My experience deals with mainly talking with skeptics from an apologetics standpoint. So, in many respects, my treatment of the accounts of the different resurrection will be utilizing the same thought process in those discussions. One of the key objections that I’ve encountered that is mentioned by Dr. Ramage in his lecture on the Resurrection in the Gospel of Mark is that skeptics will say that the reason that the older manuscripts have no resurrection narrative scenes with Jesus is that Jesus didn’t rise from the dead. (Dr. Ramage, the Resurrection Mark 16; Romans 8, 4:50.)
Honestly, I’ve always found this objection to the resurrection puzzling because more or less the Gospel of Mark in the first eight verses has the essential circumstantial evidence of the tomb of Jesus being empty. Pope Benedict expresses this point by writing, “Naturally, the empty tomb as such does not prove the Resurrection. Mary Magdalene, in John’s account, found it empty and assumed that someone must have taken Jesus’ body away. The empty tomb is no proof of the Resurrection, that much is undeniable. Conversely, though, one might ask: Is the Resurrection compatible with the body remaining in the tomb? Can Jesus be risen if he is still lying in the tomb?” (Joseph Ratzinger, Jesus of Nazareth: Part Two: Holy Week: From the Entrance into Jerusalem to the Resurrection, 254.)
There must be an empty tomb for the resurrection to even be a plausibility, this much is found in the textual evidence of Mark’s Gospel. Mark’s account has every bit of a resurrection of Jesus as any other Gospel account, simply minus the details. What is interesting about Mark’s account is that it doesn’t address the skepticism of the empty tomb—this appears to be a development of the narrative. The Gospel of Matthew addresses it from the standpoint of the Jewish leaders instructing the people that the body had been stolen (Mt. 28:11-15). What is interesting is that the Gospel of John appears to be the full development of addressing of the missing body within the narrative, John writes, “2 So she ran, and went to Simon Peter and the other disciple, the one whom Jesus loved, and said to them, “They have taken the Lord out of the tomb, and we do not know where they have laid him.” (Jn. 21:2)
I think the women witnesses are key to the Resurrection Narrative. In fact, there so key within the relationship of understanding 1st-century Palestinian culture that a woman cannot give testimony that it would be an embarrassment for Christians to claim such a thing that modern skeptics seem to be trying their very best to dispel this criterion of embarrassment. Personally, in my discussions, I have not heard a compelling counter since it is so well known the role of women in 1st century Palestine.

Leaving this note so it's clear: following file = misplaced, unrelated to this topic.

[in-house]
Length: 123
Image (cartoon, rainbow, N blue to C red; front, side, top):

I’ll be operating under the Farrer hypothesis with my synthesis of the Synoptic Gospel accounts. Naturally, from a historian’s viewpoint, I’d claim that there is a natural development of the narrative within the frameworks of the Farrer hypothesis. For example, think of how a modern biography is initially written about a historical person which in most cases is very foundational with the first account. For example, there are several biographies on Abraham Lincoln; a famous one being written by Carl Sandburg. In the 21st century, Michael Burlingame wrote a more definitive account on Lincoln that made both corrections and filled in the details left out by Sandburg, so as one sees the next biographer uses that particular narrative to launch off for his own record. Of course, there will be other biographers that will use both accounts to write an account of the life of Abraham Lincoln. I’d argue that the Gospels very much do the same thing. In Mark’s account, what is found is: three people: Mary Magdalene, Mary Mother of Jesus, and Salome; the stone was rolled away; a young man who informed them that the tomb was empty; and they ran away afraid. (Mk 16:1-8)
The next biographer Matthew comes in to write his own account of the resurrection. So, the natural question is what did he add to Mark’s narrative and why? One notices that Matthew doesn’t mention Salome, but this isn’t a big deal, an omission of a person isn’t a contradiction but merely a silence. Mark’s gospel doesn’t record any reason for the stone being rolled away, but simply states that it had been done. One can certainly speculate that Matthew is filling in missing details to add some color to his narrative by referencing an angel and earthquake that cause the stone to roll from the tomb. What is interesting is that in Matthew’s account claims that the witnesses were both afraid and full of joy. Again, there is a silence that occurs in Mark’s account that the next author felt obliged to explain. Furthermore, in Matthew’s account, Jesus appears to these women who witness the tomb being empty, Mark’s Gospel is simply written for action, not detail.
Luke’s Gospel speaks of two angels being present at the discovery of the empty tomb. Of course, this could be added on for theological reasons or more description of the account. Luke names different women in the account; however, he does specify there were several others, it’s not out of the question he just names others that the earlier accounts do not.
The historical perspective deals with differing details of accounts. In fact, if there were no differing details in the schools of thought in historiography, the development of fact-based accounts wouldn’t be possible. The building of biographical detail is very much in the same vein of iron being sharpened by iron.” (Proverbs 27:17).